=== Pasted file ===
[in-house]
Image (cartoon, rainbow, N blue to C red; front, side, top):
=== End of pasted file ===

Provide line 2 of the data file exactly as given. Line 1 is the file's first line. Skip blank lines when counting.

Image (cartoon, rainbow, N blue to C red; front, side, top):